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Strong Job Gains Signal Lower Unemployment Ahead

More of the jobless are looking again. By year-end, they should get better results.

We expect unemployment to hit 9.5% by year-end, and the April surge in payroll numbers -- a net increase of 290,000 jobs -- supports our conclusion. Not only did the monthly increase beat market expectations by 90,000, but aspects of the report also attest to more substantial gains ahead. First, Census-related hiring, at 66,000, was far more modest than expected. So far, Census hiring amounts to just 154,000 workers -- below the level at this point during the 2000 Census. Because the Commerce Department plans total Census hiring to be greater this decade than last, the sluggishness of hiring so far implies huge gains next month. We expect net job growth for the Census alone to be around 300,000 in May, with a total gain closer to 400,000.

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Aside from Census hiring, other April job gains were impressive. At 223,000, growth in non-Census employment posted its best showing since March of 2006. What’s more, the gains were broadly based, including even the beleaguered construction sector. Plus the usual monthly revision was hugely favorable this time, indicating that 121,000 more positions were added in February and March than previously reported.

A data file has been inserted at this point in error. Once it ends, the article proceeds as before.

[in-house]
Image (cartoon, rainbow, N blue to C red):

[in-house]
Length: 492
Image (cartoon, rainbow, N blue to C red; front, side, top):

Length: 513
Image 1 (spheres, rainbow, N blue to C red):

The robust job growth overshadows an uptick in joblessness, which posted a surprise jump to 9.9% in April, its first increase in four months. The increase in the unemployment rate from 9.7% in March may actually be good news, though, since it resulted largely from a wave of people looking for work, rather than from more people being laid off. The labor force increased 805,000 -- one-quarter of whom were discouraged workers reentering the labor market, encouraged by more employment opportunities. As employers continue to add to their payrolls, the unemployment rate will decline.

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Three factors are driving the job market: stronger economic growth, improved confidence among employers and waning productivity gains. Real GDP growth has proceeded at close to a 4% pace since the middle of last year, but skittish employers were initially reluctant to hire. Labor productivity gains -- the amount of output from each hour worked -- were astronomical as managers instead opted to work the existing labor force more intensively. Indeed, the growth in labor productivity over the past year, at 6.3%, was the best performance since 1962, and almost impossible to sustain. That’s why we expect employment gains to remain solid through year-end -- at a minimum, racking up monthly increases of around 200,000, excluding Census-related distortions, and a total employment gain of 2 million for 2010.

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